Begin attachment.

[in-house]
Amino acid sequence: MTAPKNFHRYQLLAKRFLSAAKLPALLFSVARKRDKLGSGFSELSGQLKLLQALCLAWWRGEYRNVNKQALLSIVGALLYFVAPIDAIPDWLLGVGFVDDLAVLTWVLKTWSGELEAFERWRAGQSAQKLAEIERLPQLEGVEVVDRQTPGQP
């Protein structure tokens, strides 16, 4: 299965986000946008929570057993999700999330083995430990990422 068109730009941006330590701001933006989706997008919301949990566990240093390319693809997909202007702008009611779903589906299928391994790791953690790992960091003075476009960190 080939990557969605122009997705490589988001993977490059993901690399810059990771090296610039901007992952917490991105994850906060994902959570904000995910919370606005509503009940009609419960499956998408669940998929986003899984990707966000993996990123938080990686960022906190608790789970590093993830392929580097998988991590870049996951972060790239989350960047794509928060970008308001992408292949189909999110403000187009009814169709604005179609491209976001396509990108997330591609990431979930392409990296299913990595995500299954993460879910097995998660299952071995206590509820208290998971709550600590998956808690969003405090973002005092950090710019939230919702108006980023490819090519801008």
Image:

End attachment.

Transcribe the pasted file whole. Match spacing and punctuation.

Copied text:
[in-house]
Amino acid sequence: MTAPKNFHRYQLLAKRFLSAAKLPALLFSVARKRDKLGSGFSELSGQLKLLQALCLAWWRGEYRNVNKQALLSIVGALLYFVAPIDAIPDWLLGVGFVDDLAVLTWVLKTWSGELEAFERWRAGQSAQKLAEIERLPQLEGVEVVDRQTPGQP
């Protein structure tokens, strides 16, 4: 299965986000946008929570057993999700999330083995430990990422 068109730009941006330590701001933006989706997008919301949990566990240093390319693809997909202007702008009611779903589906299928391994790791953690790992960091003075476009960190 080939990557969605122009997705490589988001993977490059993901690399810059990771090296610039901007992952917490991105994850906060994902959570904000995910919370606005509503009940009609419960499956998408669940998929986003899984990707966000993996990123938080990686960022906190608790789970590093993830392929580097998988991590870049996951972060790239989350960047794509928060970008308001992408292949189909999110403000187009009814169709604005179609491209976001396509990108997330591609990431979930392409990296299913990595995500299954993460879910097995998660299952071995206590509820208290998971709550600590998956808690969003405090973002005092950090710019939230919702108006980023490819090519801008």
Image: